• Voluntary federation – instead of the state, where indivudal communities and groups of people are bound together by the coercive force of a central authority, local communities and workers collectives can choose for themselves which other communities or collectives to associate with. Each would retain their own autonomy and elect spokespeople to voice agreements on trade and other matters between the different groups.
    • Direct democracy – unlike in parliamentary democracy, these spokespeople would be just that, elected not to a position of authority but to voice decisions that remain in the hands of the people, as in trade union and workers council structures. This principle, “bottom-up” decision making rather than “top-down” power could operate from a local and regional level right up to a national and international level.
    • Mutual Aid – in participatory communities and workers collectives, Mutual Aid is a central principle. Easily summed up with the phrase “from each according to his ability, to each according to his need,” this boils down to voluntary cooperation, fair distribution of resources, and help and support to those who need it within a local community.
    • Free, fair trade – for the sharing of resources between different communities and individuals who opt out of Mutual Aid, anarchy would see the emergence of a truly free market.  The “free market” of capitalism is not in fact free at all, as the trading relationships are distinctly unequal because of the accumulation of wealth in the hands of a minority that is an inevitable part of the system, and the coercion that results removes all but the pretence of freedom. Truly free trade is fair trade, without domination and exploitation of the poorer or weaker trading party. In other words, the free market is only free without capitalism.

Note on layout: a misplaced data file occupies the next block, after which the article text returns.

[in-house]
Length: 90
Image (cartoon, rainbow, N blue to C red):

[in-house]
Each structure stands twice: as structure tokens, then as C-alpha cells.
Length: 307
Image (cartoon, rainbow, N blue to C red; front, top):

• Individual liberty – 90% of “crime” is either victimless, harming either nobody or only the perpetrator by their own choice, or a product of the injustice and inequality created by capitalism and the state. Anarchy would not be governed by vast statutes of law that control people down to the last action and instead holds to the liberty of every person to do as they please so long as they are not harming the person or liberty of others.
    • Collective defence – this is not to say that anarchist society will contain “perfect people,” and there will certainly be acts of aggression, oppression, and violence – albeit on a lesser scale than is commonplace in today’s world. Rather than monopolise defence in a police or military force, this would be the responsibility of everybody either on an individual basis or by voluntary participation in a communal militia.
    • Justice, not vengeance – courts would be elected for each individual case, rather than appointed and given unnecessary authority, with the aim to establish guilt or innocence, negotiate reparations, and organise rehabilitation rather than to support the oppressive prison systems which only make matters worse by serving as little more than universities of crime.
    In short, anarchism is not a rebellious phase or a street gang, but a political philosophy grounded in principles that reasonable people should be able to get on board with.

    3 years ago  /  0 notes